The new production process saves resources, increases the electricity yield and also has cost reduction potential. The process can also be applied to production processes beyond photovoltaics. The expertise of the HighLine Technology start-up is the result of a good ten years of research work on dispensing processes for the metallisation of silicon solar cells at the Fraunhofer Institute for Solar Energy Systems ISE . During this period, a multi-nozzle dispensing print head was developed and at the same time a great deal of know-how on printing pastes and processes was gained.
The dispenser technology can be easily integrated into conventional production lines for silicon solar cells, where it can replace the silk-screen printing normally used for applying the front metal contacts. The material consumption of cost-intensive silver is reduced by approx. 20%, the contacts become thinner and more semiconductor surface is available to sunlight, which results in an increase in the current yield and thus in the efficiency by approx. 1% relative to the original. The contactless process promises a lower reject rate when using thinner silicon wafers. In addition, the inline-compatible printing process will in future enable a significant increase in throughput compared to the screen-printing process commonly used in the industry. Other production steps in solar cell manufacture can also be optimised with the new process.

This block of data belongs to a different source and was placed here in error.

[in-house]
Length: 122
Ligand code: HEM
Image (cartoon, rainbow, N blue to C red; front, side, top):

"Our main focus is currently on reducing material consumption in the photovoltaic industry," says Dr. Maximilian Pospischil, Managing Director and one of the founders of HighLine Technology, adding: "We want to bring the highly efficient parallel dispensing technology developed at Fraunhofer ISE to the market. To this end, we will continue to work closely with Fraunhofer ISE PV-TEC. However, our dispensing technology is also interesting for other industrial production processes beyond the PV industry. We support companies from plant engineering to process integration and application".
In the dispensing technology, the materials are pressed onto the surface of the solar cells in